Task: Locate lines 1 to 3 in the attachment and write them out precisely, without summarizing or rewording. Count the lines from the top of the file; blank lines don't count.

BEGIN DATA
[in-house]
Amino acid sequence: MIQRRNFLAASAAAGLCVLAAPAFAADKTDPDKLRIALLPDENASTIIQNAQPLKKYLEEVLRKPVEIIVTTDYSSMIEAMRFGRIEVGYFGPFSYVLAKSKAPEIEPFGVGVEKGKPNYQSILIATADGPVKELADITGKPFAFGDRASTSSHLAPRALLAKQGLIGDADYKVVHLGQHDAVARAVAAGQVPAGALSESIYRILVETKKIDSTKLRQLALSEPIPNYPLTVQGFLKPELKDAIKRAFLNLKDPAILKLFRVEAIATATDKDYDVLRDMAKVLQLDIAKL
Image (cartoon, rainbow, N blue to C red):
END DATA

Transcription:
[in-house]
Amino acid sequence: MIQRRNFLAASAAAGLCVLAAPAFAADKTDPDKLRIALLPDENASTIIQNAQPLKKYLEEVLRKPVEIIVTTDYSSMIEAMRFGRIEVGYFGPFSYVLAKSKAPEIEPFGVGVEKGKPNYQSILIATADGPVKELADITGKPFAFGDRASTSSHLAPRALLAKQGLIGDADYKVVHLGQHDAVARAVAAGQVPAGALSESIYRILVETKKIDSTKLRQLALSEPIPNYPLTVQGFLKPELKDAIKRAFLNLKDPAILKLFRVEAIATATDKDYDVLRDMAKVLQLDIAKL
Image (cartoon, rainbow, N blue to C red):